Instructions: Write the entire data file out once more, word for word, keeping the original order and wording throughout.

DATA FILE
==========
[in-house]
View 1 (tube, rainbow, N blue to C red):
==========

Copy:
[in-house]
View 1 (tube, rainbow, N blue to C red):